Most of the current generation of nuclear reactors for commercial power generation use the heat released by nuclear fission to power a steam turbine similar to those used in conventional power plants. Most power reactors use uranium as fuel, although alternative fuels have been proposed and tested including plutonium and thorium, each with its own set of advantages and drawbacks. In order to contain the heat and radioactivity generated by the fission reaction in the core of a nuclear plant, large amounts of water must be circulated to cool the reactor, and an array of control rods keeps the reaction from overheating and causing a fuel meltdown. These basic safety and quality control measures are typically combined with multiple additional measures such as secondary containment structures to mitigate the risks associated with power plant failures.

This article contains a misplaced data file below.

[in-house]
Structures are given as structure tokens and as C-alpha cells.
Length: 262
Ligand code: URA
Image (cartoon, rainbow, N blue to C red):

Numerous other nuclear power plant designs exist either on paper or in the testing phases, such as breeder reactors, liquid-fluoride thorium reactors, and traveling wave reactors. However, as yet none of these are widely considered commercially mature technologies capable of replacing today’s light-water reactors, and new designs face many hurdles, ranging from the time between testing and constructing new pilot, demonstration, and full-scale facilities to the long lead times and extensive permitting process for any new nuclear plants.
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